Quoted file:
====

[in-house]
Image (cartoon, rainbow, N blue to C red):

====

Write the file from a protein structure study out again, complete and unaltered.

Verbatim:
[in-house]
Image (cartoon, rainbow, N blue to C red):